A few weeks ago, the Money Saving Queen (Sarah Roe) asked me to write an article about raising chickens. At first I laughed cause I AM A CITY GIRL (I have to keep reminding myself) and not a chicken expert. I decided to take on the challenge and with help from Farmer Kyle, I did it.
When to buy chicks? Check at your local farm/feed stores in March & April. They will usually have a variety of breeds. There may also be local hatcheries or farmers that you can buy chicks or even hens from.
What to buy? I highly suggest that you shop around and research breeds before you purchase your chicks/hens. Not all hens have a high yield of eggs. If you are only wanting to have laying hens, make sure you only purchase PULLETS and NOT STRAIGHT RUNS! Pullets are females only but straight runs can be male OR female.
How many should you have? Keep in mind the area in which you are going to keep them. They don't require a lot of space but do need plenty of room to stretch their legs. Laying hens generally also lay one egg per day so depending on how many eggs you want to get a day, that will help determine how many chicks/hens you want to get.
What are the basics that you need for chickens? To have chicks/chickens you will need a hen house/coop that has watering trough, feed trough, nesting boxes and roosting bars. We also have an old swing set frame in our chicken run because they like to roost outside at night in the warmer months. Depending on how you choose to keep them (in a run or free range) you will need a fully enclosed run area where the coop is located or a you can have a chicken tractor which is basically a portable chicken run with coop. You can do an online search of chicken tractors to get a better idea.
What do they eat? You can purchase chicken feed and chicken scratch at your local farm/feed stores. Chicken feed runs about $12-14 for a 40lb bag and chicken scratch is about $11-13 for a 50lb bag. In the winter months you need to feed them cracked corn cause it helps keep their body temperature up. They also need LOTS of water, grass, weeds, worms, bugs, grains, etc. I spoil my hens and give them night crawlers, grass clippings, hay and I have been known to warm up some oatmeal for them during the winter and Gatorade in their water in summer.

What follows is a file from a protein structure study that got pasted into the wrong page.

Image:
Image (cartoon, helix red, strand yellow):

What about selling eggs? Fresh farm eggs are the only way to go in my opinion! We sell our eggs for $1.50/dz or $1.25/dz if you have an egg carton to give me. This way I am not trying to find cartons and I end up just recycling them with my customers. I have heard of people who sell their eggs for $2-$2.50/dz but we don't sell ours to make money on them just to help pay for feed.
How hard are they to take care of? My 6 yr old daughter is in charge of our chickens! She feeds them, gives them water, gathers the eggs, helps clean the eggs and puts them in the cartons. She LOVES her job! I take care of the “dirty” stuff but she is responsible for everything else!
What are great resources? Trust me, I am NOT an expert on raising chickens! Here are some great resources to help you get started and to maintain your chicken crew: